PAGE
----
5G is the latest emerging standard in cellular mobile communications and it will eventually replace 4G LTE, 3G UMTS and 2G GSM systems. 5G networks can achieve much higher data rates up to 10 Gbps with lower network latency that is 100 times faster than 4G LTE cellular technology, and faster than the current cable internet speeds. The high-speed data and low-latency benefits could open up 5G cellular usage to compete directly with wired, wireless internet access, and serve new applications like IoT, mission-critical applications like health care, connected cars, etc.
With the rise of mobile and IoT devices, communication service providers (CSPs) worldwide are planning the transition to 5G to improve service agility and potentially open new service revenue opportunities. Limited rollout of 5G services had already begun in the U.S. towards the end of 2018. In 2019, we expect some concentrated deployment of mobile 5G networks to start appearing in densely-populated locations with AT&T, Verizon, T-Mobile and Sprint. By 2020, we should have a comprehensive 5G mobile network in the U.S.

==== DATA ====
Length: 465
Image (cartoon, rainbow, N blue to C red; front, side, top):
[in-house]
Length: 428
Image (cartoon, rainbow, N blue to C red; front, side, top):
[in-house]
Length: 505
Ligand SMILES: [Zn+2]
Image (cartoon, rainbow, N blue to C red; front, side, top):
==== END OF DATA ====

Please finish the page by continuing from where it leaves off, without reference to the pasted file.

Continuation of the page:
Communication service providers or telecommunication companies have already invested billions of dollars into their current 4G and 3G mobile networks. The evolution to the 5G mobile network won’t be a full displacement of the existing 4G and 3G networks. These will continue to co-exist for a long period of time. 5G use cases and edge computing will drive a need to make the network functions virtualization (NFV) architecture massively scalable. Because of this scalability, CSPs are looking at NFV combined with software defined networking (SDN), which will offer huge enhancements in the journey to enable 5G for customers.
CSPs monitor and review technology for advancements that will help deliver faster, less expensive networks to their customers. CSPs can realize significant savings in fixed costs by moving away from hardware appliances into NFV and software. In addition, they will be able to roll out services to customers much faster, and realize revenue much quicker. By embracing NFV and SDN technologies, CSPs can build a network that is highly flexible, programmable, and based on open standards and open source technologies. With this approach, CSPs can automate service provisioning, orchestration, lifecycle management and speed up service delivery.